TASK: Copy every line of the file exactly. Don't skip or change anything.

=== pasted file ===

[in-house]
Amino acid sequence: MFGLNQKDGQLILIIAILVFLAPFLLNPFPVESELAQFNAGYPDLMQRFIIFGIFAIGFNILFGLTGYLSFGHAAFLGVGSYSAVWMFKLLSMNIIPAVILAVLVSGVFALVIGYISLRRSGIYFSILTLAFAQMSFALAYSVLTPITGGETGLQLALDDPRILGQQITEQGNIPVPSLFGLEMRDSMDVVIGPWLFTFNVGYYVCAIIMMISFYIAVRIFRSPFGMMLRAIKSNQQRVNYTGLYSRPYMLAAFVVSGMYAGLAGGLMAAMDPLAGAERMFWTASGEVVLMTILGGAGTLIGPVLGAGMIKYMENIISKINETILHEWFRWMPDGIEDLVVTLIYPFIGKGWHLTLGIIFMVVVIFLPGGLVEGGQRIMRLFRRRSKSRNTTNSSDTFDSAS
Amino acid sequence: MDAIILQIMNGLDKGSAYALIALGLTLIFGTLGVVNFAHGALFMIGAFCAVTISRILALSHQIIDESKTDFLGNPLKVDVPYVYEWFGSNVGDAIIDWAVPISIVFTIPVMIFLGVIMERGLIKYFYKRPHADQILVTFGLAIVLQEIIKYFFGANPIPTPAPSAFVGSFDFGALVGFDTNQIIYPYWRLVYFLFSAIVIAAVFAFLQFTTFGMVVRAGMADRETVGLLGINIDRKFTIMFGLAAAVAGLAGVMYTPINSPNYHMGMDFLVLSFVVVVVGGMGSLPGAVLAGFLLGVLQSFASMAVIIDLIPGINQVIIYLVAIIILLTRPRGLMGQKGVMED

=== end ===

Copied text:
[in-house]
Amino acid sequence: MFGLNQKDGQLILIIAILVFLAPFLLNPFPVESELAQFNAGYPDLMQRFIIFGIFAIGFNILFGLTGYLSFGHAAFLGVGSYSAVWMFKLLSMNIIPAVILAVLVSGVFALVIGYISLRRSGIYFSILTLAFAQMSFALAYSVLTPITGGETGLQLALDDPRILGQQITEQGNIPVPSLFGLEMRDSMDVVIGPWLFTFNVGYYVCAIIMMISFYIAVRIFRSPFGMMLRAIKSNQQRVNYTGLYSRPYMLAAFVVSGMYAGLAGGLMAAMDPLAGAERMFWTASGEVVLMTILGGAGTLIGPVLGAGMIKYMENIISKINETILHEWFRWMPDGIEDLVVTLIYPFIGKGWHLTLGIIFMVVVIFLPGGLVEGGQRIMRLFRRRSKSRNTTNSSDTFDSAS
Amino acid sequence: MDAIILQIMNGLDKGSAYALIALGLTLIFGTLGVVNFAHGALFMIGAFCAVTISRILALSHQIIDESKTDFLGNPLKVDVPYVYEWFGSNVGDAIIDWAVPISIVFTIPVMIFLGVIMERGLIKYFYKRPHADQILVTFGLAIVLQEIIKYFFGANPIPTPAPSAFVGSFDFGALVGFDTNQIIYPYWRLVYFLFSAIVIAAVFAFLQFTTFGMVVRAGMADRETVGLLGINIDRKFTIMFGLAAAVAGLAGVMYTPINSPNYHMGMDFLVLSFVVVVVGGMGSLPGAVLAGFLLGVLQSFASMAVIIDLIPGINQVIIYLVAIIILLTRPRGLMGQKGVMED